Dr Michael Loy is a Leverhulme Early Career Fellow in the Faculty of Classics. His project, entitled ‘Cargo and conflict: Aegean networks after the Persian Wars’, uses GIS, network analysis and ABM to model economic exchange patterns in the fifth century BC, exploring, in particular, the distribution of transport amphoras in the archaeological record – pottery vessels used to carry grain, olive oil and wine. This builds on the methodology developed in his first monograph, Connecting Communities in Archaic Greece. Exploring economic and political networks through data modelling (Cambridge University Press, 2023).

Over a hundred years of archaeological fieldwork in Greece has generated huge volumes of material data. A large part of Michael’s work concentrates on synthesising big databases of these excavated objects from print publications and from archival resources, assembling old data to look at ancient landscapes in new ways. Michael is particularly interested in the conceptual and methodological challenges of harmonising non-equivalent data: for example, of comparing object distributions from two archaeological sites that have been excavated, studied and published in completely different ways. As co-director of the West Area of Samos Archaeological Project, Michael is responsible for designing and implementing a ‘paperless’ data collection strategy for the British School at Athens’ pedestrian field survey on the island of Samos (2021–2025).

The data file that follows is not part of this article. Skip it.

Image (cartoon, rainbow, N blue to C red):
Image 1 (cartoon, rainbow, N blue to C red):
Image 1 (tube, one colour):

In his previous position as Assistant Director of the British School at Athens, Michael collaborated with CDH on digitisation and digital resource projects run by the Fitzwilliam Museum and by the Archives of the Faculty of Classics and Pembroke College.

Cambridge Digital Humanities

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